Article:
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Lesotho

Live rating: Obstructed

Last updated on 25.05.2018 at 07:23

Lesotho - Overview

Civil society in Lesotho works in a climate of considerable political instability. Recent years saw an attempted coup in 2014, the killing of a prominent military leader by other military personnel in 2015, and the fleeing of leading opposition figures to neighbouring South Africa and opposition boycotts of parliament in 2015.

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 Lesotho High Court ruling: criminal defamation is unconstitutional

Lesotho High Court ruling: criminal defamation is unconstitutional

On 21st May 2018, the High Court of Lesotho declared the offense of criminal defamation unconstitutional.

Expression

On 21st May 2018, the High Court of Lesotho declared the offense of criminal defamation as unconstitutional. The case was brought before the High Court by Basildon Peta, journalist for the newspaper Lesotho Times, who was charged with criminal defamation and crimen injuria for a satirical column he wrote in June 2016. The High Court, who sits as the Constitutional Court, ruled that the offence of criminal defamation leads to self-censorship, and is an obstacle to an informed public.  Anneke Meerkotter, Litigation Director of the Southern Africa Litigation Center said in a press statement

"We commend the Lesotho Constitutional Court bench for its brave decision, which makes a significant contribution to freedom of expression jurisprudence in the region. We are concerned by the ongoing use of criminal defamation laws against journalists and human rights defenders and hope that this decision will also send a message to other governments to reform their laws.”

Association

The Constitution, in Article 16, protects the freedom of association, with reservations on the grounds of defence, public safety, public order, public morality and public health.

The Constitution, in Article 16, protects the freedom of association, with reservations on the grounds of defence, public safety, public order, public morality and public health. Both domestic and international CSOs are generally able to operate without restriction, and many CSOs speak out on key social issues and on matters of corruption. In a landmark moment, after considerable delays, an LGBTI CSO was registered for the first time in 2010. However, trade union organising can be more difficult: public sector workers, who make up a large proportion of the workforce, are not allowed to form unions, and workers in the textile business, the country’s largest formal private sector employer, also experience difficulties in joining unions.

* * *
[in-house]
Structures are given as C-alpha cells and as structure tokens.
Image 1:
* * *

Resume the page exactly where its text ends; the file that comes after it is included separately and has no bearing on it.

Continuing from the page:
Peaceful Assembly

Article 15 of the Constitution upholds the right of peaceful assembly, subject to limitations on the grounds of defence, public safety, public order, public morality and public health.

Article 15 of the Constitution upholds the right of peaceful assembly, subject to limitations on the grounds of defence, public safety, public order, public morality and public health. However, in practice, protests have sometimes been violently dispersed, with reports of police brutality against assemblies in election periods. The police used live ammunition to disperse a strike by nurses in 2014, injuring some of those involved. In some parts of the economy, such as mining, union meetings are banned, while spontaneous workforce protests may be chilled by fear of punishments, including sackings.

Expression

Article 14 of the Constitution recognises the freedom of expression, except on the grounds of defence, public safety, public order, public morality, public health and protecting the rights and reputations of others.

Article 14 of the Constitution recognises the freedom of expression, except on the grounds of defence, public safety, public order, public morality, public health and protecting the rights and reputations of others. There is no government restriction of internet access, although poor infrastructure and high cost present barriers. There is a lack of clear and rights-based legislation on the freedom of expression. While the practice of independent media making criticisms of the government is well established, the government is sometimes intolerant of criticism and antagonistic towards private media, and the state broadcaster takes a generally pro-government line. The fear of losing government advertising, an important revenue source given the state’s central role in the economy, may also cause private media to self-censor. There have been several reports of government and military interference in the media, and police and judicial harassment and intimidation of journalists. Broadcast media were jammed during the 2014 coup attempt, and in 2015, two journalists fled Lesotho. The editor of the Lesotho Times newspaper survived a shooting in 2016, prior to which he and colleagues were subject to a long campaign of judicial harassment. Defamation and insult remain a criminal offence, and other laws, such as the Sedition Proclamation and Internal Security (General Act) may encourage self-censorship. The Sedition Proclamation in particular bans some forms of criticism of the government, and can lead to charges of seditious libel. The government rejected a 2015 recommendation from the UN Human Rights Council Universal Periodic Review (UPR) recommendations to repeal criminal defamation laws. There is no access to information law.